SATURDAY: Hughes has a fracture in his knee and will be out six to eight weeks, Phil Miller of the Star Tribune tweets.
FRIDAY: The Twins have placed right-handers Phil Hughes and Trevor May on the disabled list and, in a pair of corresponding moves, have activated fellow righty Kyle Gibson from the DL and promoted right-hander J.T. Chargois from Triple-A Rochester. Hughes lands on the DL with a left knee contusion suffered upon being struck by a line drive last night against the Marlins, whereas May is suffering from back spasms, per the team. Mike Berardino of the St. Paul Pioneer Press first reported Chargois’ promotion.
While the 29-year-old Hughes will technically be placed on the DL due to the knee issue, it’s been more than a full season since Minnesota saw him at his best. Hughes initially signed a three-year, $24MM contract prior to the 2014 season and proceeded to have a breakout year, totaling 209 2/3 innings of 3.52 ERA ball with 7.98 K/9 against 0.69 BB/9. His 11.63 K-to-BB ratio was the best single-season mark posted by a starting pitcher in Major League history, and the Twins saw fit to reward his breakout with an additional three years and $42MM the following December. Hughes has been a different pitcher since that 2014 campaign, however, pitching to a combined 4.83 ERA with 5.4 K/9 against 1.2 BB/9.
Last season, he spent more than a month on the disabled list due to back issues, and his velocity has taken a notable hit in each season since the aforementioned breakout. After averaging better than 92 mph on his heater in 2014, Hughes averaged 90.7 mph in 2015 and has averaged just 90.5 mph in 2016. Whether it’s a dip in velocity, decreased precision from that historic ’14 season or some combination of the two that has led to Hughes’ rapid decline, he hasn’t given the Twins the type of performance they’d hoped upon extending him, and his regression has played a role in the team’s poor start to the 2016 campaign.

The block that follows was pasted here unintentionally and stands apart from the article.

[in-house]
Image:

Regression from May, too, has plagued the Twins. The former top prospect and starter-turned-setup-man was a genuine weapon for the Twins upon a move from the rotation to the ’pen last season. May, 26, posted a 2.87 ERA in 31 1/3 relief innings for Minnesota last season to go along with a 37-to-8 K/BB ratio. He came out of the gates arguably even better in 2016, recording a 1.89 ERA with a 27-to-8 K/BB ratio through his first 19 innings, but he’s become exceptionally homer prone as of late, leading to dreadful results. Since May 13, the right-hander has been tagged for four homers in just 7 2/3 innings, resulting in a ghastly 16.43 ERA. All told, May has an unsightly 6.08 ERA in 26 2/3 innings this season. While homers have been the primary reason — his xFIP, which normalizes homer-to-flyball ratio, is a perfectly palatable 3.31 — it’s possible that May’s back spasms have prevented him from finishing pitches.
In Chargois, the Twins are promoting one of their most intriguing bullpen prospects. The former second-round pick’s journey to the Majors was slowed by Tommy John surgery, but he brings with him a fastball that can reach triple-digit velocity ratings and a highly impressive resume between Double-A and Triple-A. Chargois has totaled 24 innings between those two levels this season and posted a 1.12 ERA with a 34-to-9 K/BB ratio. Baseball America rated him 15th among Twins farmhands this offseason, calling more of a pitcher than a thrower in spite of his blistering velocity and offering some praise for his slider and changeup as well.
Gibson, 28, was rocked in his first four starts of the season and has been on the shelf since mid-April. If he’s healthy enough to resemble the 2015 version of himself — 3.84 ERA, 6.7 K/9, 3.1 BB/9, 53.4 percent ground-ball rate — he’d be a boon to a Twins rotation that ranks last in the Majors in ERA (5.51), as it did in 2013 and 2014.